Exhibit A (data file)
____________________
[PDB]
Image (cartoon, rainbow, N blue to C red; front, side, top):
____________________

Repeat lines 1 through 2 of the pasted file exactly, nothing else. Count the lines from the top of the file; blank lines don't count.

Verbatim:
[PDB]
Image (cartoon, rainbow, N blue to C red; front, side, top):